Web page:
The vaccine, developed by Inovio Pharmaceuticals, contains a synthetic DNA fragment similar to one in the virus itself. The company hopes that people who receive it will develop immune protection against Zika.

The two drugs that might be useful as a treatment came from an analysis of thousands of compounds, including some drugs that are used to treat other conditions. Zika seems to target cells that make new neurons in the brain and stop them from working properly. This is thought to cause the horrendous brain defects seen in some babies born with the virus, and could also put infected adults at risk of memory and mood disorders.

A team of researchers from the US and China identified one drug – currently in clinical trials for liver diseases – that protects brain cells from damage, and 10 others that stop Zika from replicating, one of which is an already-approved drug used to treat worm infections. A combination of two compounds could be an effective Zika treatment, say the authors, who hope to start testing in animals soon.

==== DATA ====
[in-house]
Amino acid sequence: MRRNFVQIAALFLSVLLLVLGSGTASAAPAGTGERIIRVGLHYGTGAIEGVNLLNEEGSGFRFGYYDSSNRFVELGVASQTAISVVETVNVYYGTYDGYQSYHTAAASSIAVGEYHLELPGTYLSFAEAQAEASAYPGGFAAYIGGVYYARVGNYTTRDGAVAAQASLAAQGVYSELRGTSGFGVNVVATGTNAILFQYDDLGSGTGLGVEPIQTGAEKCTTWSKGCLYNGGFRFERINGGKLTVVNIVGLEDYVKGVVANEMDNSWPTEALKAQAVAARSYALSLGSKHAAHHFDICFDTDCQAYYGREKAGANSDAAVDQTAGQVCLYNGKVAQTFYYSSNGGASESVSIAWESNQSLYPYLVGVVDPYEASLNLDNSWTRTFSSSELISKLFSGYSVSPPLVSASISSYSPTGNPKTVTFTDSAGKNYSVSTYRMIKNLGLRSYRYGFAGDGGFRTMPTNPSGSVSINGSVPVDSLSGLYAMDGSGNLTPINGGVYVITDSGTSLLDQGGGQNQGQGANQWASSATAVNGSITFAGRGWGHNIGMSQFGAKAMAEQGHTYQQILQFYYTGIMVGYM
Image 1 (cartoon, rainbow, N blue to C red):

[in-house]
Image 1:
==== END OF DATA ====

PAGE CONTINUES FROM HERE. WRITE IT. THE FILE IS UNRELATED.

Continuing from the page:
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But we are still some way off having treatments ready for use on the ground, says Edwin Trevathan, a paediatric neurologist at Vanderbilt University in Nashville, Tennessee, who advises the US Centers for Disease Control and Prevention (CDC) on Zika. “Even if the vaccine development moves as quickly as we’d like, realistically it will be a year before we have something we can use to protect people,” he says.

Transmission cases